Mythology had many sins; but it had not been wrong in being as carnal as the Incarnation. With something of the ancient voice that was supposed to have rung through the groves, it could cry again, 'We have seen, he hath seen us, a visible god.' So the ancient shepherds might have danced, and their feet have been beautiful upon the mountains, rejoicing over the philosophers. But the philosophers had also heard.
It is still a strange story, though an old one, how they came out of orient lands, crowned with the majesty of kings and clothed with something of the mystery of magicians. That truth that is tradition has wisely remembered them almost as unknown quantities, as mysterious as their mysterious and melodious names; Melchior, Caspar, Balthazar. But there came with them all that world of wisdom that had watched the stars in Chaldea and the sun in Persia; and we shall not be wrong if we see in them the same curiosity that moves all the sages. They would stand for the same human ideal if their names had really been Confucius or Pythagoras or Plato. They were those who sought not tales but the truth of things; and since their thirst for truth was itself a thirst for God, they also have had their reward. But even in order to understand that reward, we must understand that for philosophy as much as mythology, that reward was the completion of the incomplete.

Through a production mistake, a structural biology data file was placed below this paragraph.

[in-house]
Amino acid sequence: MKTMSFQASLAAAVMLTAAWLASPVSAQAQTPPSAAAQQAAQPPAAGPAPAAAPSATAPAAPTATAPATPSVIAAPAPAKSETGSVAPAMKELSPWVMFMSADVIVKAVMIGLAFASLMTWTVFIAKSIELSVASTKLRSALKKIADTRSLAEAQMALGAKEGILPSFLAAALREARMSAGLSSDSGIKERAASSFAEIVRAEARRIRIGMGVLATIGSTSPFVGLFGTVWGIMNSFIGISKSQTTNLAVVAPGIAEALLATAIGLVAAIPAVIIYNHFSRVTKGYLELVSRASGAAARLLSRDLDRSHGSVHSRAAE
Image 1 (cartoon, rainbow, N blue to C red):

Wednesday, October 18, 2006
The God in the Cave - Part III
from The Everlasting Man by G.K. Chesterton - This is such an interesting exposition of history leading up to the Incarnation. I've never seen anyone correlate ancient history and mythology to the advent of Christ quite like this before! This chapter relates the astounding story of Bethlehem and the Birth of Christ. Chesterton has aimed to look at these events that we have grown (perhaps) overly-accustomed to from the outside in order to consider them in all their wonder.